As we are transitioning to cooler weather, it’s a good time to think “aesthetic chemical peel”. Fall and winter are optimal seasons to get a peel treatment as we tend to stay indoor more, lowering the level of UV exposure from the sun while our skin recovers. Getting into a yearly aesthetic peel routine is our  favorite way to achieve that no makeup glow. While the benefits of exfoliation speak for themselves, getting a professional grade exfoliation treatment, such as an aesthetic peel, is something you can feel and see immediately.

Fear aesthetic chemical peels no more

Many people get apprehensive to these two words, “chemical peel”, because they have seen pictures of peels gone wrong. First things first, know that aesthetic chemical peels discussed here are much more superficial and safe than medical chemical peels used to treat medical conditions. Second, try to stay off the internet researching photos because there are so many different acids aestheticians use depending on your concerns and skin needs.

At 212SKIN, our aestheticians like to take a conservative approach, but do propose more aggressive peels for those wanting to crank it up a notch. In addition, they work with our physicians to give you the best results with little to no downtime.

What aesthetic chemical peels can do for you

We have a ton of skin cells, roughly 19 million skin cells in every inch of our body. While the body continuously replace old skin cells with new ones, the top 18 to 23 layers of our skin are made of dead cells. As we get older, our cell turnover starts to slow down and it can be harder for us to shed the buildup. This is why our skin doesn’t have the radiance we did in our glory twenties.

Using a gentle, at-home exfoliator is something we encourage our patients to use daily or a few times a week. But to go deeper, remove dead skin cell efficiently, and achieve a softer, more radiant skin, we recommend aesthetic chemical peels.

One of the most popular peels at SkinCare Aesthetic uses glycolic acid, a sugar derivative. It is safe for all skin types, including sensitive skin and Rosacea-prone skin. Meredith encourages her patients to get into a 4 to 6 week aesthetic peel cycle to help with multiple concerns. Whether you are working on teenage acne, adult acne, texture irregularities, or hyperpigmentation, start with an aesthetic glycolic acid peel and then work your way to more aggressive peels if needed. For those of you who have experienced aesthetic chemical peels before, we offer Jessner peels, a medium depth chemical peel that penetrates deeper into the skin for greater exfoliation and brightening.

 

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What your skin type means for you

  • 20-11-2018, 16:44

The Fitzpatrick scale (also Fitzpatrick skin typing test, or Fitzpatrick phototyping scale) is a numerical classification schema for human skin color. It was developed in 1975 by Thomas B. Fitzpatrick, a Harvard dermatologist, as a way to classify the typical response of different types of skin to ultraviolet (UV) light. Later, it was updated to also contain a wider range of skin types.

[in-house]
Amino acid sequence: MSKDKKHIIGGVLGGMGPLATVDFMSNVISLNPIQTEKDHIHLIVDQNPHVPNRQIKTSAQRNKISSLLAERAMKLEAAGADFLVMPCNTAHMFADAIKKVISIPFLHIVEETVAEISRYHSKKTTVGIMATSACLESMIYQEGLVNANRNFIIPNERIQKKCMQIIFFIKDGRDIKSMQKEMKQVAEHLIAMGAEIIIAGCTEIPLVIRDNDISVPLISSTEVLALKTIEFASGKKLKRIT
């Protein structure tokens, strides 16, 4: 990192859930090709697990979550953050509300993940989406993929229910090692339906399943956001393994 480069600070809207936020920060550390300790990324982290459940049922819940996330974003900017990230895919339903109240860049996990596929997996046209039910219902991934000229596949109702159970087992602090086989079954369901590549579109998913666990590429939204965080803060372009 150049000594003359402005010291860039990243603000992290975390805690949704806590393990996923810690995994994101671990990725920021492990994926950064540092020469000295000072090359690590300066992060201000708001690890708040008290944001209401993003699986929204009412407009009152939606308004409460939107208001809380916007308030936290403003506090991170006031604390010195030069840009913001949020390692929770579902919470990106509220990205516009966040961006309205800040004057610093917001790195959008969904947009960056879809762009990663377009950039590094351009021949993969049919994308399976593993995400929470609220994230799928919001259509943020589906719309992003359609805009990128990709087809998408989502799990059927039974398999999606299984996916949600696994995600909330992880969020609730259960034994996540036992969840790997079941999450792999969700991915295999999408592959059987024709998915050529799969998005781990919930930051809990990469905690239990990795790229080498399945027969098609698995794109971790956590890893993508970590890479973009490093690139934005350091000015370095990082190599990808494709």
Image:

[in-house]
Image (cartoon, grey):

Fitzpatrick skin type 1

  • skin color (before sun exposure): ivory
  • eye color: light blue, light gray, or light green
  • natural hair color: red or light blonde
  • sun reaction: skin always freckles, always burns and peels, and never tan

 

 

Types 1 and 2

If your skin type is 1 or 2, you have a high risk of:

You should follow these tips to protect your skin:

  • Use a sunscreen with an SPF of 30 or greater.
  • Limit your sun exposure and seek shade whenever you’re out in the sun.
  • Wear a hat with a wide brim to protect your head and face.
  • Wear UV-blocking sunglasses.
  • Wear protective clothing with a UPF rating of 30 or higher if you plan to be in direct sunlight for extended periods.
  • Check your skin from head to toe each month.
  • Have an annual skin checkup with a doctor.

The Dos And Don'ts Of Laser Hair Removal in New York City

  • 11-10-2018, 08:44

 

- DO shave in between treatments. This is the best way to quickly remove hair without damaging the root. Your beauty therapist will shave the area before applying the laser to your skin, anyway, as any visible hair will only get singed otherwise!

- DON'T apply heavy make-up for 24 hours after your laser treatment to avoid clogging the skin and causing breakouts. If you really have to, opt for mineral types, such as Jane Iredale, Inika and bareMinerals which let the skin 'breathe.'

- DO avoid sun exposure - and lay off the fake tan, too. Lasers are more compatible with paler skin-types, so, even though a tan looks great, it'll minimise the efficiency of the laser, preventing the energy from making its way to the root of the hair.

- DON'T wax, epilate or pluck your hair in between treatments as it removes the hair from the root. Lasers work because they are attracted to the hair's pigment underneath the skin and if it is completely gone, there won't be anything there for the laser to zap. If this is the case, you might have to wait up to another four weeks for the root to re-form until you can be treated again.

- DO wear a high factor SPF. After treatments, skin becomes more sensitive to UV rays, so always slather it in a high factor sunscreen to protect it from things like hyperpigmentation and sensitivity.

- DO exfoliate the area gently as it encourages the dead roots to fall out after every treatment and will make your skin look less bumpy and shadowy.

And if you prefer to DIY, here are the very best at-home laser hair removal systems on the market, approved by ELLE of course.

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